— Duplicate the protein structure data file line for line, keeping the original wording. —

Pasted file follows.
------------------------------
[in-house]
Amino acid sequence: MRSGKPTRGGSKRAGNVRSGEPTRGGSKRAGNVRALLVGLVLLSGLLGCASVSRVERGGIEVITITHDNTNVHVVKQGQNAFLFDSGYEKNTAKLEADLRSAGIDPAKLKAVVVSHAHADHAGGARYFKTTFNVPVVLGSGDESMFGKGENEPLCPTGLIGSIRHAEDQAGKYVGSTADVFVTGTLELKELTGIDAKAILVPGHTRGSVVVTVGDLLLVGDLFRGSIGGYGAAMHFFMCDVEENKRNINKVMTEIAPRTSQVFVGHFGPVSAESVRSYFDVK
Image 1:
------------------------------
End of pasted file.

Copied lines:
[in-house]
Amino acid sequence: MRSGKPTRGGSKRAGNVRSGEPTRGGSKRAGNVRALLVGLVLLSGLLGCASVSRVERGGIEVITITHDNTNVHVVKQGQNAFLFDSGYEKNTAKLEADLRSAGIDPAKLKAVVVSHAHADHAGGARYFKTTFNVPVVLGSGDESMFGKGENEPLCPTGLIGSIRHAEDQAGKYVGSTADVFVTGTLELKELTGIDAKAILVPGHTRGSVVVTVGDLLLVGDLFRGSIGGYGAAMHFFMCDVEENKRNINKVMTEIAPRTSQVFVGHFGPVSAESVRSYFDVK
Image 1: